• It can be difficult to coordinate both shrugs at once and control the weights.

Pro Tip

Don’t let your head move too far forward as you shrug, as this can cause neck pain or injuries due to your head being out of proper alignment with the rest of your body.

3. Smith Machine Behind-the-Back Shrug

This behind-the-back version of the shrug allows you to train the traps in a fuller range of motion, which research has shown is better for hypertrophy than training through a shorter range of motion.

The palms-forward grip will also decrease the stress placed on the front of the shoulders.

How To

  1. Stand in front of a Smith machine with the bar behind your lower back.
  1. Unrack the weights with a palms-forward grip. Make sure you set up the safety pins in case you need to fail a rep. 
  1. You may need to stagger your stance to keep your hips out of the way of the bar path.
  1. Perform a shrugging movement, and then slowly lower the bar under control. 


  • In addition to not putting a lot of pressure on the shoulders, this movement allows you to train the traps without too much stress on the neck.


  • It can be tricky to find the right stance to keep the bar from hitting your hips.
  • If not done with control and proper form, it can be stressful on the lower back.

Pro Tip

You shouldn’t rush through this exercise, as you are placing yourself in a position where it may be easy to over-extend your lower back.

Try to focus on slow and controlled shrugging movements, pausing at the top, and not letting your lower body and lower back get involved.

Related Article: Do Machines Build Muscle? What The Science Says

4. Barbell Bent-Over Row (to Upper Chest)

The bent-over row is a back exercise, but when the bar is rowed to a higher position on your body, you also target the upper back and traps.

This is done by taking a slightly wider grip and pulling the barbell to the neck or clavicle rather than the chest or stomach. 

How To

  1. Bend over and grab a barbell with a wider-than-normal grip, about 2-3 inches outside the shoulders.
  1. With your body bent over parallel to the floor, pull the barbell to the neck or clavicle, making sure your elbows are flared out. 
  1. Pause at the top of the movement, and repeat.


  • With this exercise, you can train the upper back and traps at the same time, helping you keep your workouts time-efficient and develop the entire back of the body.


  • Bent-over rows can be tricky for some lifters to do properly because they struggle to keep their back flat.
  • This exercise isn’t 100% trap focused, which may be an issue for some lifters who already trained their back muscles earlier in their workout and want to isolate the traps only.

Pro Tip

Keep the elbows spread out during this row. This will help you target more of the upper back and traps. Keeping the elbows in will hit more of the middle and lower lats.

5. Upright Row (Narrow Grip)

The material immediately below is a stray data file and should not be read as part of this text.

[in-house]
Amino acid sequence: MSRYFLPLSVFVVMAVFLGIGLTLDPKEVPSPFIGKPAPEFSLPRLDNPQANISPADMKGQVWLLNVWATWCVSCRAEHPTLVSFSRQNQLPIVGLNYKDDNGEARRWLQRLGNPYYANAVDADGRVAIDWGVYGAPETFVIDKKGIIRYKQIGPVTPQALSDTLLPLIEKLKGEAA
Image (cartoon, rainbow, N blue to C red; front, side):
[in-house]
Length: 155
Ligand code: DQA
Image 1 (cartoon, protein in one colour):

The upright row is an upper back, trap, and rear shoulder exercise. You can use either a narrow or wide grip. However, a narrower grip will allow more elevation of the shoulders and, ultimately, more trap involvement.

You can do these with dumbbells, a barbell, or cables.

How To

  1. Grab whatever weight you are using and stand upright with the weights in front of you. Your grip should be shoulder-width apart or a few inches inside the shoulders. You do not need to have your hands closer than that, or you may place too much stress and strain on your front shoulder muscles.
  1. With the elbows flared out, lift the upper arms and elbows as high as you can, making sure the wrists and weights are lower than the elbows at all times.
  1. Pause at the top of the movement, and then slowly lower the weights, making sure to keep the elbows out and up.


  • This exercise also works the posterior shoulder muscles, which allows you to develop the traps and rear delts in one time-efficient movement.
  • You do not need heavy weights for this exercise to be effective, which is great for lifters who do not have access to heavy loads or cannot lift heavy weights due to injury.


  • Most lifters cannot do these properly, as they fail to keep their elbows above the wrist and elbows at all times. When you do not keep your elbows above the wrist, you use more of your arms and forearm muscles to lift the weight, not the back and traps.

Pro Tip

You can slightly lean forward if needed to allow the weights to not rub against your body as you lift them.

6. Cable Face Pull

The cable face pull is a rear delt and trap exercise, and since both of these muscles work to develop the entire upper back, this is a common movement to build bigger traps.

You can do these with free weights, but cables are the best approach as they allow you to train the traps at the best angles for hypertrophy.

How To

  1. Attach either a rope or bar attachment to a cable machine.
  1. Stand in front of the machine with the pulley set so that it is slightly above shoulder height.
  1. Reach your hands out and grab the attachment, and pull the elbows backward on a slight downward angle while making sure they’re still at shoulder level or higher.


  • Like the upright row, you do not need heavy weights for this exercise to be effective. This makes it a great movement for lifters of any experience level.


  • It can be difficult to perform with control, and many lifters find themselves leaning backward or arching their backs as they lift the weight.

Pro Tip

Make sure you don’t let the elbows drop down too far as you pull back. When this happens, you use more of your forearms to lift the weight and decrease loading from the upper back, traps, and rear delts.

7. Rack Pull

The rack pull is a great trap builder, as it allows you to train with very heavy loads and in a range of motion where the upper back and traps are highly active.

This is essentially a partial range of motion deadlift where you perform the pull from knee level to the hips.

How To

  1. Set up the barbell in a power rack or on blocks so that it is at knee level to start.